web analytics

Polity: English lies on impact of tax switch

Written By: - Date published: 9:22 am, January 15th, 2014 - 15 comments
Categories: bill english, gst, national, national/act government, poverty, same old national, tax - Tags: ,

polity_square_for_lynnRob Salmond at Polity has this post out on the effect of the 2010 tax cuts and the lies about fiscal neutrality that Bill English said then and has been repeating ever since.

Bill English recently heralded his tax switch as making net tax more progressive. He lied. It actually made net tax at least $500 million more regressive.

In October last year, here is what Bill English said about the results of his 2010 tax switch of cutting income taxes and raising GST:

Lower income households are paying a smaller proportion of net income tax than they did in 2008, indicating that the tax system has become more progressive since the Government’s tax changes in 2010, Finance Minister Bill English says.

“This should contribute to improvements in income equality in New Zealand, contrary to the Opposition’s completely false claims that lower income households were disadvantaged by the tax changes,” he says.

It was great to see Bill English saying a more progressive tax system is a good thing. I agree with him.

But I wasn’t convinced his numbers stacked up. In particular I was worried about what shenanigans could be lurking behind the term “net income tax”. Why specify income tax? Why not net tax overall, to account for the Budget 2010 changes in GST, too?

Getting hold of the numbers

Bill Engish has a history of massaging net tax numbers beyond credibility, and I have form in finding him out, both on blogs and in print. So naturally I requested the Treasury advice under the OIA. After some English-orchestrated delays, the documents finally came back to me the Thursday before Christmas.1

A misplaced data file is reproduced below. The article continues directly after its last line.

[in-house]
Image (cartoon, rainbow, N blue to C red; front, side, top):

Here are the three most eye opening parts of the Treasury’s advice:

This note responds to a request for analysis of the redistributive impact of the Budget 2010 tax changes. Specifically, we have been asked to compare profiles of income tax paid, transfers received, and net tax paid (income tax minus transfers) by household income, pre and post 2010.

This shows that the decision to look at income tax only, and not GST, came from the those tasking Treasury (ie. Bill English), and not from Treasury officials.

However, it is difficult to determine the extent to which these changes in the distribution of net [income] tax paid were caused by the Budget 2010 tax policy changes, as opposed to other factors.

Indeed. For example, tens of thousands of low income people have lost their jobs and now have to take an unemployment benefit because of National’s jobless recovery. (Don’t need to be a rocket scientist to come up with that alternative explanation.) That means those people pay less net tax than they did when they had a job, because now they receive more in transfers. Bill English takes this as a cause for net tax celebrations.

It is also important to note that this distributional analysis does not incorporate GST, which was an important part of the Budget 2010 tax policy changes.

Which shows that the Treasury went out of its way to warn Minister English that the analysis in the paper he ordered up was half-baked and could be inaccurate. But Minister English did not listen.

Accounting for GST

GST is a huge part of the Budget 2010 changes, and a huge part of the tax people pay. New Zealand individuals paid around $46 billion in all taxes in 2011/12, and around $15 billion of that was GST. Doing net tax calculations while excluding GST is like doing calorie counts while excluding nibbles, dessert, and drinks.